Barcelona’s Best-Kept Secrets
There’s a long list of reasons that Barcelona is such a popular destination – the sea, the history, the food, the nightlife, the sights… I could go on for a while!
Topping the list of Barcelona attractions for visitors are usually the popular spots like La Sagrada Familia, Parc Güell, Casa Batlló, Les Rambles, and the Gothic Quarter. But if you want to see a bit more of the city, there are lots of out-of-the-way sites and hidden gems that give you the chance to see the real Barcelona!
After a decade of planning (and re-planning), this enormous 19th century market has just re-opened as a cultural centre. The soaring Catalan Modernist architecture of iron and glass hangs gracefully above the now unearthed ruins of the old La Ribera neighbourhood that were buried following the Spanish War of Succession.
To walk around and see the ruins from above is fascinating and free, but I’d recommend to pay for a guided tour through the ruins to get a true sense of early 18th century Barcelona.
When touring the Gothic Quarter, most people don’t notice this small square tucked out of sight off Carrer de Sant Sever. It’s a tranquil spot with tall trees overlooking a fountain – and often occupied by a lone guitar player!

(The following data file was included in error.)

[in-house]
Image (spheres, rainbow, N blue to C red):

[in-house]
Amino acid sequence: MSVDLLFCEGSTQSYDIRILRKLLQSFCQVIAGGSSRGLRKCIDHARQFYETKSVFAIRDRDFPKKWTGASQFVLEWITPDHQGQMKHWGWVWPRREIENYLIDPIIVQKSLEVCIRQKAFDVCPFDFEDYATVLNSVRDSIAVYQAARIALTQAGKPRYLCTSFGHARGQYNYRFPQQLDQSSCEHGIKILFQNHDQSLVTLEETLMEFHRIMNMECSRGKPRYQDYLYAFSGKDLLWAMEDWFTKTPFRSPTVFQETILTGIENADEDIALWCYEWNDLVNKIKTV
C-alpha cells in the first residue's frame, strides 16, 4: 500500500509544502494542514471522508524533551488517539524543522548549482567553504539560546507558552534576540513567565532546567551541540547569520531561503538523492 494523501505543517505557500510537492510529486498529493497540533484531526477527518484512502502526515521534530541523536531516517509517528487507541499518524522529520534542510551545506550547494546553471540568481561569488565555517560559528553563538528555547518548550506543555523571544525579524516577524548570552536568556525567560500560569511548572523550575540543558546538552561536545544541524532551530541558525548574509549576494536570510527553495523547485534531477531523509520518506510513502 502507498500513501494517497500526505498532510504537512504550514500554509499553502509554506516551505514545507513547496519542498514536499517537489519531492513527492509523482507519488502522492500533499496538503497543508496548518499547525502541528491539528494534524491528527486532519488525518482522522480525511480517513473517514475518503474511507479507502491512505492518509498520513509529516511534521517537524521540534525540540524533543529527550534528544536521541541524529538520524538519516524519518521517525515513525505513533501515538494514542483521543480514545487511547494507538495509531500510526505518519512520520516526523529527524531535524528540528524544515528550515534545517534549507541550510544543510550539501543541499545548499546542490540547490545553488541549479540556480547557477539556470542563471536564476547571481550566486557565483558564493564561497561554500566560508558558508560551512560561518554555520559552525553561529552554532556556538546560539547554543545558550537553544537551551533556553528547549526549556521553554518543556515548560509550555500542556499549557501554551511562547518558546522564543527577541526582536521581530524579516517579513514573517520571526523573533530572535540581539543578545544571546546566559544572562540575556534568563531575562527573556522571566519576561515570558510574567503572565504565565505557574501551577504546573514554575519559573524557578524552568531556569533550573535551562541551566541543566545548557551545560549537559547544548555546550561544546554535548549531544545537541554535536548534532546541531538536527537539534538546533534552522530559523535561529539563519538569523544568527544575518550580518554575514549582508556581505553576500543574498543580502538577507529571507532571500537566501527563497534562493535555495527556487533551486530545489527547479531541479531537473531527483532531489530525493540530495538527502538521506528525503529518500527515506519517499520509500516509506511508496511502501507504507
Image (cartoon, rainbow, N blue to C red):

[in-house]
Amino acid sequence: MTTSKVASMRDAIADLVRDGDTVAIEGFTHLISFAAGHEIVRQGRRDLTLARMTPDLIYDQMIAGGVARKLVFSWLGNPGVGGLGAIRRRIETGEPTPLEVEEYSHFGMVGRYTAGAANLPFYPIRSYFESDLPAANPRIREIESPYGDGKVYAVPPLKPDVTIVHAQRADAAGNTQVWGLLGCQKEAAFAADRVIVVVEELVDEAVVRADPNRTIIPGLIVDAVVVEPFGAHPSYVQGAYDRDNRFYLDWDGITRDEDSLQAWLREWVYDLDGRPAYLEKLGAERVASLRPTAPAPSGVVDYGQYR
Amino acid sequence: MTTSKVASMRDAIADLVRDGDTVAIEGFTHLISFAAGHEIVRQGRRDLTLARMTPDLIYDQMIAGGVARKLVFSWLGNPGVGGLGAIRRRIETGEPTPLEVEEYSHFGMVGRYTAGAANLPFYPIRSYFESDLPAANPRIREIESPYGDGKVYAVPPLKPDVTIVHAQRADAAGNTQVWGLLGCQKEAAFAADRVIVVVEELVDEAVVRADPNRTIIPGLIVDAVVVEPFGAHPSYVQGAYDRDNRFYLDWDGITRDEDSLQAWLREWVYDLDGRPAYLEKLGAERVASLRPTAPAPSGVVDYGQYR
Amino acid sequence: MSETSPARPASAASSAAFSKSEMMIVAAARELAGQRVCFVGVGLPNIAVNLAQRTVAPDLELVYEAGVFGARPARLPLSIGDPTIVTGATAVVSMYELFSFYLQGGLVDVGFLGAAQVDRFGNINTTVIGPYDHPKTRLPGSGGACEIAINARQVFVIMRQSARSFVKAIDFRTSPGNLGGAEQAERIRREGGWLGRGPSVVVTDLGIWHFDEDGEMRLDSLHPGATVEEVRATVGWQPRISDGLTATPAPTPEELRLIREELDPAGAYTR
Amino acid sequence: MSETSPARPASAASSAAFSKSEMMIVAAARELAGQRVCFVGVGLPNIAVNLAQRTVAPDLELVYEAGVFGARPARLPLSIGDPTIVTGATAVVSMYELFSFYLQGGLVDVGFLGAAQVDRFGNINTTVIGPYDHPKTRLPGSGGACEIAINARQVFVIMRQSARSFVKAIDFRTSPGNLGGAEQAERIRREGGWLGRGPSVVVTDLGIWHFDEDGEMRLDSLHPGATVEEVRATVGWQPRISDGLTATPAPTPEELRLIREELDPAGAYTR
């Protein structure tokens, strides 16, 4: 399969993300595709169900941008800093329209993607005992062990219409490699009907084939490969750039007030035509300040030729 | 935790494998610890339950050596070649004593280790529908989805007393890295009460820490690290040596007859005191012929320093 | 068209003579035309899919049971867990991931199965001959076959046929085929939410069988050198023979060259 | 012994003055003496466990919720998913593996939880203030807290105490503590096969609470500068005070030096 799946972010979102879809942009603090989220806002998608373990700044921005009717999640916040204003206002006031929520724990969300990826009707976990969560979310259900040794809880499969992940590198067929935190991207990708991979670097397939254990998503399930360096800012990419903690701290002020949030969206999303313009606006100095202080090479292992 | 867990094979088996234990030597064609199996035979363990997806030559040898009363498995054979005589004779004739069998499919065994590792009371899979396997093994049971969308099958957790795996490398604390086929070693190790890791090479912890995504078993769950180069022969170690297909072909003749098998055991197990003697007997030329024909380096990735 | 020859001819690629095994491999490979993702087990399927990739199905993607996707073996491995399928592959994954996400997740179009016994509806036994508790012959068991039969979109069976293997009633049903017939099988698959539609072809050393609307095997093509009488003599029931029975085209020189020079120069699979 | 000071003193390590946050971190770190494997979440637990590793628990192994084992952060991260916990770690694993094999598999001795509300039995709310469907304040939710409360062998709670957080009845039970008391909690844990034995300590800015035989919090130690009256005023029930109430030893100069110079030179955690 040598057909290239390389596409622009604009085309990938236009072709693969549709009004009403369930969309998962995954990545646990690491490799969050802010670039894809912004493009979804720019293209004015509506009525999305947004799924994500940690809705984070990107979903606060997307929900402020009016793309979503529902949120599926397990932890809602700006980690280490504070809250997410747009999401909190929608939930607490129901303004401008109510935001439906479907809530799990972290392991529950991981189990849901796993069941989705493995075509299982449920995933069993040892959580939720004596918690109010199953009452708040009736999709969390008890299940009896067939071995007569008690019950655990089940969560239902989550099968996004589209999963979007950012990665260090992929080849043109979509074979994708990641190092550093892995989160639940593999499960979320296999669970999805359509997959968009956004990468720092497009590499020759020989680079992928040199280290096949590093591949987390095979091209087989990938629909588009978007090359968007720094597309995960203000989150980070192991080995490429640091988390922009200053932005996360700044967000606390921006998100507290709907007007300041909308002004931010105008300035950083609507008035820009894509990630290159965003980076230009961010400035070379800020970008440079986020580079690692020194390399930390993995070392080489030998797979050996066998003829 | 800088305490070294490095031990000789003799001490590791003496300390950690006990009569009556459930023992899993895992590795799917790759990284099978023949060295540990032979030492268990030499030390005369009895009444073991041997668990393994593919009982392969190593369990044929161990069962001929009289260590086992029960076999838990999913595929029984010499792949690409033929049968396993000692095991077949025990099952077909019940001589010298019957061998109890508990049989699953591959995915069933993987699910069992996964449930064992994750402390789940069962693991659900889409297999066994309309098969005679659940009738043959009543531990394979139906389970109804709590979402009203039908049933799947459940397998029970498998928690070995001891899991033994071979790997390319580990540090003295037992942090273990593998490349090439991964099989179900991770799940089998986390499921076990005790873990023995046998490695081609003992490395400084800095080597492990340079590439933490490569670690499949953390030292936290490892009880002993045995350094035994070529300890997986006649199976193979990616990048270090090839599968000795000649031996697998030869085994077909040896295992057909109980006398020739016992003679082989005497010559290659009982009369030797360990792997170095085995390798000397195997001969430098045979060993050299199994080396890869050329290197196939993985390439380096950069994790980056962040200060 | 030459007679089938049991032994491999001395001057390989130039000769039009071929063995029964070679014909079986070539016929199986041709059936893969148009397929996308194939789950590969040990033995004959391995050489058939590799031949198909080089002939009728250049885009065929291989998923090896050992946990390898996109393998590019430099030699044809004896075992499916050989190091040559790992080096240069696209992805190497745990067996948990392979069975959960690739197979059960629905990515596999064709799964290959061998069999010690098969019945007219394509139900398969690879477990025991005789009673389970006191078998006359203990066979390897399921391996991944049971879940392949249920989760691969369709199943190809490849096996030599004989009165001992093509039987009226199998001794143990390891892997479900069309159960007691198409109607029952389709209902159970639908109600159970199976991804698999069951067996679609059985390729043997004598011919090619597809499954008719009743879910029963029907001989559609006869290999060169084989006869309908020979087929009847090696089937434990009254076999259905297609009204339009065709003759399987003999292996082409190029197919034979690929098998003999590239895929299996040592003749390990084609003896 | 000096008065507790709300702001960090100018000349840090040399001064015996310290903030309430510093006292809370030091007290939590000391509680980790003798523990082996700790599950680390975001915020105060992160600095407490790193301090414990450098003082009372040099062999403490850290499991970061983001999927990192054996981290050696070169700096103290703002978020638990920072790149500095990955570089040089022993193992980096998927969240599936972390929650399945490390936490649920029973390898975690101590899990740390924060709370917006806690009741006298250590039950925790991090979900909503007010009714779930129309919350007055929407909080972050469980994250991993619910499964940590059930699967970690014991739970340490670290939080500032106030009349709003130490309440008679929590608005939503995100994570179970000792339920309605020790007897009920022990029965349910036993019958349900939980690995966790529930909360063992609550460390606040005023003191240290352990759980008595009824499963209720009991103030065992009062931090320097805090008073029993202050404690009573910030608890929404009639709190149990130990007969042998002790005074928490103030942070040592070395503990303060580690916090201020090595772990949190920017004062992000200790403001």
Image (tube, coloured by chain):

The Hotel Sant Felip Neri has a small terrace where you can stop for a drink, built in the spot of an ancient cemetery which was destroyed in an aerial bombing during the Spanish Civil War.
Given that most people walking through Barceloneta are heading for the beach, it’s all too easy to miss this restaurant and bar as it’s on the top of the Museum of Catalan History!
It is not particularly well sign-posted and you might need to be buzzed in by the security guard if the museum is closed, but it’s well worth seeking out – the terrace offers a fantastic view out over the harbour and Montjuïc, and is the perfect place to take in the gorgeous sunsets with a drink.
While very much outside of Barcelona, this is a remarkable town to plan a day trip. The well-preserved medieval town sits atop ancient Roman foundations and contains the best preserved old Jewish Quarter in all of Spain. If you’re looking for a brief change of pace from bustling Barcelona, Girona should be on your itinerary, possibly with an additional stop to nearby Figueres and the Dali Museum.
About the author
A graduate of UC Berkeley’s English Literature program, Miquel has worked for a number of publications including Zoetrope All-Story, San Francisco magazine, and Diablo magazine. He's also the co-founder of the Vinologue series of books for wine regions around the world. He currently lives in Barcelona, Spain.